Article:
You are requested to identify who provided financial support for the conduct of the research and/or preparation of the article and to briefly describe the role of the sponsor(s), if any, in study design; in the collection, analysis and interpretation of data; in the writing of the report; and in the decision to submit the article for publication. If the funding source(s) had no such involvement then this should be stated.
Elsevier has established a number of agreements with funding bodies which allow authors to comply with their funder's open access policies. Some funding bodies will reimburse the author for the Open Access Publication Fee. Details of existing agreements are available online.
• Articles are freely available to both subscribers and the wider public with permitted reuse.
• An open access publication fee is payable by authors or on their behalf, e.g. by their research funder or institution.
• Articles are made available to subscribers as well as developing countries and patient groups through our universal access programs.
• No open access publication fee payable by authors.
Regardless of how you choose to publish your article, the journal will apply the same peer review criteria and acceptance standards.For open access articles, permitted third party (re)use is defined by the following Creative Commons user licenses:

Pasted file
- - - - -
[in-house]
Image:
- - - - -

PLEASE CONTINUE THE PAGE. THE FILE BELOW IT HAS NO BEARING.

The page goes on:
Creative Commons Attribution (CC BY)
Lets others distribute and copy the article, create extracts, abstracts, and other revised versions, adaptations or derivative works of or from an article (such as a translation), include in a collective work (such as an anthology), text or data mine the article, even for commercial purposes, as long as they credit the author(s), do not represent the author as endorsing their adaptation of the article, and do not modify the article in such a way as to damage the author's honor or reputation.
For non-commercial purposes, lets others distribute and copy the article, and to include in a collective work (such as an anthology), as long as they credit the author(s) and provided they do not alter or modify the article.
The open access publication fee for this journal is USD 1800, excluding taxes. Learn more about Elsevier's pricing policy: http://www.elsevier.com/openaccesspricing.
Green open access
Authors can share their research in a variety of different ways and Elsevier has a number of green open access options available. We recommend authors see our green open access page for further information. Authors can also self-archive their manuscripts immediately and enable public access from their institution's repository after an embargo period. This is the version that has been accepted for publication and which typically includes author-incorporated changes suggested during submission, peer review and in editor-author communications. Embargo period: For subscription articles, an appropriate amount of time is needed for journals to deliver value to subscribing customers before an article becomes freely available to the public. This is the embargo period and it begins from the date the article is formally published online in its final and fully citable form. Find out more.